Physical Biochemistry. Principles and Applications. 2nd Edition

  • ID: 2251972
  • Book
  • 424 Pages
  • John Wiley and Sons Ltd
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The second edition of this successful textbook explains the basic principles behind the key techniques currently used in the modern biochemical laboratory and describes the pros and cons of each technique and compares one to another. It is non–mathematical, comprehensive and approachable for students who are not physical chemists.

- A major update of this comprehensive, accessible introduction to physical biochemistry.

- Includes two new chapters on proteomics and bioinformatics.

- Introduces experimental approaches with a minimum of mathematics and numerous practical examples.

- Provides a bibliography at the end of each chapter

Written by an author with many years teaching and research experience, Physical Biochemistry: Principles and Applications, Second Edition will prove invaluable to students of biochemistry, biophysics, molecular and life sciences and food science.

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Chapter 1 Introduction.

1.1 Special Chemical Requirements of Biomolecules.

1.2 Factors Affecting Analyte Structure and Stability.

1.3 Buffering Systems Used in Biochemistry.

1.4 Quantitation, Units and Data Handling.

1.5 The Worldwide Web as a Resource in Physical Biochemistry.

1.6 Objectives of this Volume.


Chapter 2 Chromatography.

2.1 Principles of Chromatography.

2.2 Performance Parameters Used in Chromatography.

2.3 Chromatography Equipment.

2.4 Modes of Chromatography.

2.5 Open Column Chromatography.

2.6 High Performance Liquid Chromatography (HPLC).

2.7 Fast Protein Liquid Chromatography.

2.8 Perfusion Chromatography.

2.9 Membrane–Based Chromatography Systems.

2.10 Chromatography of a Sample Protein.


Chapter 3 Spectroscopic Techniques.

3.1 The Nature of Light.

3.2 The Electromagnetic Spectrum.

3.3 Ultraviolet/Visible Absorption Spectroscopy.

3.4 Fluorescence Spectroscopy.

3.5 Spectroscopic Techniques Using Plane–Polarized Light.

3.6 Infrared Spectroscopy.

3.7 Nuclear Magnetic Resonance (NMR) Spectroscopy.

3.8 Electron Spin Resonance (ESR) Spectroscopy.

3.9 Lasers.

3.10 Surface Plasmon Resonance.


Chapter 4 Mass Spectrometry.

4.1 Principles of Mass Spectrometry.

4.2 Mass Spectrometry of Proteins/Peptides.

4.3 Interfacing MS with other Methods.

4.4 Uses of Mass Spectrometry in Biochemistry.


Chapter 5 Electrophoresis.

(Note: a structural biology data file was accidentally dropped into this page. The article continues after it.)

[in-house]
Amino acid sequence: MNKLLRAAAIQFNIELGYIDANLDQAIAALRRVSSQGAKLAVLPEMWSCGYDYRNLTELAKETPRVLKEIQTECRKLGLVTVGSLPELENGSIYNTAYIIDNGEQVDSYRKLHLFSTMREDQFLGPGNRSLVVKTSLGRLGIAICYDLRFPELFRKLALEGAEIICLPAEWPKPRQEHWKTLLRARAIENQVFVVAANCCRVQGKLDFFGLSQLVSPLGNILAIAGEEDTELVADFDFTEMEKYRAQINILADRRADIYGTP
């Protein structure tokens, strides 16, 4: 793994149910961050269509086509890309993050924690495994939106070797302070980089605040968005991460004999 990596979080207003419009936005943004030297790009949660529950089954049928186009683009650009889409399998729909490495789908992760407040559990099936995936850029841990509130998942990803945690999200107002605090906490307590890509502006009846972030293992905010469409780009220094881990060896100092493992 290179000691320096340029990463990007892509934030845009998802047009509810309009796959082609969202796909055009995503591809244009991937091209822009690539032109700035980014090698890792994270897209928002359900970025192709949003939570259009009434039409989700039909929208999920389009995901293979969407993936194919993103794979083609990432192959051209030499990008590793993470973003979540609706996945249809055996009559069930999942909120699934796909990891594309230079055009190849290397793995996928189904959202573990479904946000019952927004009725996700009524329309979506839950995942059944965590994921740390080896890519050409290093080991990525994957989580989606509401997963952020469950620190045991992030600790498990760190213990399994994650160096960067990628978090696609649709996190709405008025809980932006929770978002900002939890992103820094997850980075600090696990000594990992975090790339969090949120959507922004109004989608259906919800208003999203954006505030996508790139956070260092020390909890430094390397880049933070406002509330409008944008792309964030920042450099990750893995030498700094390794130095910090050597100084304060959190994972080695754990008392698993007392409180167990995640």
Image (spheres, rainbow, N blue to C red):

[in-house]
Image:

5.1 Principles of Electrophoresis.

5.2 Nondenaturing Electrophoresis.

5.3 Denaturing Electrophoresis.

5.4 Electrophoresis in DNA Sequencing.

5.5 Isoelectric Focusing (IEF).

5.6 Immunoelectrophoresis.

5.7 Agarose Gel Electrophoresis of Nucleic Acids.

5.8 Pulsed Field Gel Electrophoresis.

5.9 Capillary Electrophoresis.

5.10 Electroblotting Procedures.

5.11 Electroporation.


Chapter 6 Three–Dimensional Structure Determination of Macromolecules.

6.1 The Protein–Folding Problem.

6.2 Structure Determination by NMR.

6.3 Crystallization of Biomacromolecules.

6.4 X–Ray Diffraction by Crystals.

6.5 Calculation of Electron Density Maps.

6.6 Other Diffraction Methods.

6.7 Comparison of X–Ray Crystallography with Multi–Dimensional NMR.

6.8 Structural Databases.


Chapter 7 Hydrodynamic Methods.

7.1 Viscosity.

7.2 Sedimentation.

7.3 Methods for Varying Buffer Conditions.

7.4 Flow Cytometry.


Chapter 8 Biocalorimetry.

8.1 The Main Thermodynamic Parameters.

8.2 Isothermal Titration Calorimetry.

8.3 Differential Scanning Calorimetry.

8.4 Determination of Thermodynamic Parameters by Non–Calorimetric Means.


Chapter 9 Bioinformatics.

9.1 Overview of Bioinformatics.

9.2 Sequence Databases.

9.3 Tools for Analysis of Primary Structures.

9.4 Tertiary Structure Databases.

9.5 Programs for Analysis and Visualization of Tertiary Structure Databases.

9.6 Homology Modelling.


Chapter 10 Proteomics.

10.1 Electrophoresis in Proteomics.

10.2 Mass Spectrometry in Proteomics.

10.3 Chip Technologies in Proteomics.

10.4 Post–Translational Modification Proteomics.

Further Reading.


Appendix 1 SI Units.

Appendix 2 The Fourier Transform.


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David Sheehan
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